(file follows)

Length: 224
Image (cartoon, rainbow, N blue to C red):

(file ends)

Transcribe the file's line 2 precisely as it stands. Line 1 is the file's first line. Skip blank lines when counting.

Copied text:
Image (cartoon, rainbow, N blue to C red):